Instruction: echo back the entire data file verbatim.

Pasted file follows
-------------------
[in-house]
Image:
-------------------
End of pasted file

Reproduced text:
[in-house]
Image: